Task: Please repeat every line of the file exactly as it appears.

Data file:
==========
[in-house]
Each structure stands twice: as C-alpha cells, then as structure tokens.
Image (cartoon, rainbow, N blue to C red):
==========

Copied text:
[in-house]
Each structure stands twice: as C-alpha cells, then as structure tokens.
Image (cartoon, rainbow, N blue to C red):